The editors of Awake at the Bedside: Contemplative Teachings on Palliative and End-of- Life Care want to make one thing very clear: this book is not about dying, it’s about life and what it can teach us, it’s about caring and what giving care really means.
Equal parts instruction manual and contemplative testimony ,this book addresses how we think about death and dying and examines current practices in palliative and end-of-life care, with important suggestions for improvement.
Key elements to this new way of approaching the end of life include both presence and a way to make the interaction between ‘us’ and ‘them’ more collaborative, and with any spiritual luck, more beautiful.
Zen teacher Koshin Paley Ellison, who co-founded the New York Zen Center for Contemplative Care (NYZCCC) in 2007 with Robert Chodo Campbell have transformed the narrative around end-of-life practice on a national level. In just nine years, NYZCCC has brought contemplative care to 80,000 individuals, and has trained more than 600 physicians, nurses, social workers, and chaplains. Thirty-five medical residencies across the country have integrated their curriculum.
What Ellison and co-editor Matt Weingast have to teach us is invaluable – wisdom and counsel for those who keep watch at the bedside. The Buddhist approach brings a grace to an often difficult and frightening time that is beyond comforting, it’s life-changing.
And the nicest part is that all of this is shared with an abundance of joy and the kindest and best of intentions. A gift.
I’ve written before about how loss and dying changed my own life and was honored to interview Koshin Paley Ellison about this book:
Nancy Doyle Palmer : Can you elaborate on what is new about the ways you approach end-of-life care in this book?
Koshin Paley Ellison: We are because of relationships. The New York Zen Center for Contemplative Care is focused on how to live an engaged life, and we do this through study, care and meditation. All three aspects are integral in our view of how to offer contemplative care. Contemplative care is a practitioner who maintains their own deep meditation practice with a community and teacher, who understands that everything and everyone is a teacher, and who come alive through constant study and realizes that care is a practice of generosity. I understand generosity as giving and receiving as one. So, there is no “self-care.” If we care we include ourselves and others.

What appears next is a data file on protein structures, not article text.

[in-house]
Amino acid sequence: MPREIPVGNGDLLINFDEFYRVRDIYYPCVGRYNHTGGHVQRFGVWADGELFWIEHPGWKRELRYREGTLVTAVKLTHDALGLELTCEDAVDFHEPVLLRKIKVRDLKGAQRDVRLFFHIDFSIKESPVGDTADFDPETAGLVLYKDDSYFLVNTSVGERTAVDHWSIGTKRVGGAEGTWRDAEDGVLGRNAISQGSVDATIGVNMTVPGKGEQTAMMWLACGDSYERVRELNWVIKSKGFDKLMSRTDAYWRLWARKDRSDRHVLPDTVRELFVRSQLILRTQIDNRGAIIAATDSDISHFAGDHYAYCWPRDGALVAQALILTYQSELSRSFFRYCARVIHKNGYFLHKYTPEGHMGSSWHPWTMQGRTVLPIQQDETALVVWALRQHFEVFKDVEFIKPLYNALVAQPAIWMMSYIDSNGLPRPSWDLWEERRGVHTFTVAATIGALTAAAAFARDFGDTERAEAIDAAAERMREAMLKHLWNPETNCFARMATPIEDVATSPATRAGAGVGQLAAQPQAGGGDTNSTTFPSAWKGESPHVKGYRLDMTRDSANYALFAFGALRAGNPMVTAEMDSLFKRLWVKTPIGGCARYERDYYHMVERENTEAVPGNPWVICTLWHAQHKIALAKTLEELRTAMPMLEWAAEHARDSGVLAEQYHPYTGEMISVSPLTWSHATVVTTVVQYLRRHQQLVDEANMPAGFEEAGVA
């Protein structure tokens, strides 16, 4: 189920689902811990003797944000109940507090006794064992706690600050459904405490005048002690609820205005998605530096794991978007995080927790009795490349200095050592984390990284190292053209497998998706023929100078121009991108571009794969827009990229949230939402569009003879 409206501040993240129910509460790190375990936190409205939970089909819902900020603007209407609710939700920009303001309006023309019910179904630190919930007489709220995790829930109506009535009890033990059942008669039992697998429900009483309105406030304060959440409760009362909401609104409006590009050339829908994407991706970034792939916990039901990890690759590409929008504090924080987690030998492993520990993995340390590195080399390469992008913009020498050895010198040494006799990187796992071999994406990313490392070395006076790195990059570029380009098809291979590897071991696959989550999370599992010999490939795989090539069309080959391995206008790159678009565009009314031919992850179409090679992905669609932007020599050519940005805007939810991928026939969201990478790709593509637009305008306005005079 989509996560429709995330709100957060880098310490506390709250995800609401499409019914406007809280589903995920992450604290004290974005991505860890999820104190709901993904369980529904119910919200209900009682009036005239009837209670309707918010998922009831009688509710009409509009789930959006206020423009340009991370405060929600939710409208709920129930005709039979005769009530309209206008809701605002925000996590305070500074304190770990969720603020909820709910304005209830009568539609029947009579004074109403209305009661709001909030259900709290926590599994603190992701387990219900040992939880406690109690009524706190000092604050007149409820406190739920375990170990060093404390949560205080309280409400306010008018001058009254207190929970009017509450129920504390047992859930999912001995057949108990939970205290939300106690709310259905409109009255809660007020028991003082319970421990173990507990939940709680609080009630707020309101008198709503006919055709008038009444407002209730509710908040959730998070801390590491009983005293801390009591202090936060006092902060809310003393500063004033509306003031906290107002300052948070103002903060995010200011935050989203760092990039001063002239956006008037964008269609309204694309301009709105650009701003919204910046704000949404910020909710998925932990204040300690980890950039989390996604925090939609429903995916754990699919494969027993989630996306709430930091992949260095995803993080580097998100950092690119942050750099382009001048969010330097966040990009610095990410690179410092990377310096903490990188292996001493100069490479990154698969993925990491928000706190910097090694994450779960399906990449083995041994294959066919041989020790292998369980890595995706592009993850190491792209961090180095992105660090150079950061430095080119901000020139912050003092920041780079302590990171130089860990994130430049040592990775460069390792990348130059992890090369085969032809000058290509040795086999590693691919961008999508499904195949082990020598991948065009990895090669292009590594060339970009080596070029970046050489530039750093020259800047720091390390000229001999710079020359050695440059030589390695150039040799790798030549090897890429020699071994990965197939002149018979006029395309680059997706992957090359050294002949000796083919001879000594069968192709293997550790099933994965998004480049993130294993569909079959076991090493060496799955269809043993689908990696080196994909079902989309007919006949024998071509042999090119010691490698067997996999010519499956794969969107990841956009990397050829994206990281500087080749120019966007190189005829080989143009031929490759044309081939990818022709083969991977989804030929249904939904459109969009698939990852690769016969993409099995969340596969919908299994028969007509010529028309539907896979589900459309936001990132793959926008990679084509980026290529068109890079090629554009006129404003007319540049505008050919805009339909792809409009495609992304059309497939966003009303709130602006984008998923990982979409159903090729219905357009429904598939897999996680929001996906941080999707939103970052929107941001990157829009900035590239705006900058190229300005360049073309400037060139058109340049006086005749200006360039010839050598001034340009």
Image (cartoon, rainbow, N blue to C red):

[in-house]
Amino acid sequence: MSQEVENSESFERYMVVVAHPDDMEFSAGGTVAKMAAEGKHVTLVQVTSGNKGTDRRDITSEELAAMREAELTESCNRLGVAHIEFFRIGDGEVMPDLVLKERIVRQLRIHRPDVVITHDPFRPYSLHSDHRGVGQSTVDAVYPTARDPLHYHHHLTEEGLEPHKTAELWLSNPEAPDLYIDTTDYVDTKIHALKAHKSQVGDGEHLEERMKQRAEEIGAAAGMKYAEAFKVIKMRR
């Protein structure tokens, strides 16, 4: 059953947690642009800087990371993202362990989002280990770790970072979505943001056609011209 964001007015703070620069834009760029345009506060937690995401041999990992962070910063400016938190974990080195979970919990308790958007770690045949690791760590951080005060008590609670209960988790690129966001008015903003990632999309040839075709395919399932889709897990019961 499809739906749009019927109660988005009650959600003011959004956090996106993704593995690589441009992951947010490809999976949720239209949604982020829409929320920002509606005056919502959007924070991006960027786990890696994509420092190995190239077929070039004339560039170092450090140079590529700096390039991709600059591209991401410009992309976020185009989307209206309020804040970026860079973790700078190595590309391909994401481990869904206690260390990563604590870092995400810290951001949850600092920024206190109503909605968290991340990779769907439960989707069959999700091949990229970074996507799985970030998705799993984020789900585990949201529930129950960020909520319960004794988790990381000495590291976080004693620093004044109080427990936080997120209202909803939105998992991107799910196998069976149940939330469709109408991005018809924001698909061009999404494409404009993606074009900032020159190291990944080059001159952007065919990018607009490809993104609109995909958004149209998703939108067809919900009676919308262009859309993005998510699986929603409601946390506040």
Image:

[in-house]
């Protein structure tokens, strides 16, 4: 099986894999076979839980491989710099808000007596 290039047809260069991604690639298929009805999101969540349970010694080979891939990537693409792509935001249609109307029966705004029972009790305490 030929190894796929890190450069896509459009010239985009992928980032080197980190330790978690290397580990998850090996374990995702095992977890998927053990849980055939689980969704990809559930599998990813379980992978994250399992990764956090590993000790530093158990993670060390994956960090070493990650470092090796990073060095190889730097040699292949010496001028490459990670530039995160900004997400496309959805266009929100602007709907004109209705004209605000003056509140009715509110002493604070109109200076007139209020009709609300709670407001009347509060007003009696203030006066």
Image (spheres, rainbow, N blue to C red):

When I set out to create this book, I wanted to have all the voices of people on the ground doing the work—from the pioneers of hospice and grief work to contemporary contemplative teachers and caregivers. Matt, my co-editor and dear friend, and I culled together all those we love and feel nourished by. We did this because this is the approach to contemplative care—we can’t do it alone in a singular voice. This is what is new and old. We used to value community more. So, this book is about remembering there are so many vital voices to nourish and support us. To do this well, we need each other. So, this book’s approach is a reminder of community and practice and to engage fully. How do we each do that? As one of the marvelous contributors writes, “Feast on your life.”
NDP: How do you work with people, particularly of an older generation, who do not wish to talk about their feelings or have frank discussions about the fact that they are dying?
KPE: Most of us live in unspoken fears. I was training a group of seventy doctors, with Chodo, and we asked them what they are afraid of. Pain, loss, change were the themes. So ordinary. In my experience, people are afraid, and when I meet someone who does not want to talk about their feelings or speak frankly, I ask them what they want to talk about.